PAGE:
Items like CFL's were already off the list when we put together last year's Green Halifax guide. As P'lover's co-owner Liz Crocker told us: "When we opened, we sold compact fluorescent lightblubs. Now you can get them everywhere."
This year we're more stringent. There are plenty of practices and behaviors we'll acknowledge, but aren't worthy of congratulations. For example:
Recycling Everyone needs to do it—businesses and individuals. It makes sense environmentally and economically.
Plastic bags Some stores don't offer them, some charge for them. That's great, and everyone knows it. What's next? Biodegradable plastic? Sure, but the HRM won't take them in composting, so what good are they here? Unless you compost in your backyard, which most of us city-dwellers don't, biodegradable plastic is just more plastic, and we won't congratulate you for offering it. (Look here: halifax.ca/environment/index.html)
Disposable cups Many coffee shops charge an extra five cents for your cup of java if you don't bring a mug. That's cool, but maybe its time to charge a dollar. The biodegradable cup or container is a start, but what if HRM doesn't recycle them?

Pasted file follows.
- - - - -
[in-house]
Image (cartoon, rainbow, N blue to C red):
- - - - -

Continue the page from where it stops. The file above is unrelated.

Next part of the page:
Organic beauty products Surprise! People don't want harsh and damaging chemicals on their skin. It's a health concern as much as an environmental one. Trumpeting the environmental benefits of organic salves in the market anyway is disingenuous. We expect more.
Conserving energy Energy conservation has become de rigeur. Some businesses make it part of their mandate and philosophy, and have discovered it saves money in the long run to use anything that limits energy consumption.
Drive wisely Last year we mentioned cars in every class, to show the most fuel-efficient in each. This year, driving a non-hybrid SUV will get no love from us. You get love for driving scooters, subcompacts, hybrid vehicles and, most of all, bicycles.